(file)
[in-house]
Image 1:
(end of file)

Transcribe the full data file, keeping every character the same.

[in-house]
Image 1: